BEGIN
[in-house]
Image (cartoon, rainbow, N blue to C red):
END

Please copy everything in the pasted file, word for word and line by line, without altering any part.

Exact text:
[in-house]
Image (cartoon, rainbow, N blue to C red):